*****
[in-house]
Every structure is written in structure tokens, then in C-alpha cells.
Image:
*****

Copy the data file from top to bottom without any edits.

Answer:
[in-house]
Every structure is written in structure tokens, then in C-alpha cells.
Image: